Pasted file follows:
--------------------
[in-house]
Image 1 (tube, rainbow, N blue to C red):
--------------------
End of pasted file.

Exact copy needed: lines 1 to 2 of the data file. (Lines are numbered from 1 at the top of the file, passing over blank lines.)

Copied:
[in-house]
Image 1 (tube, rainbow, N blue to C red):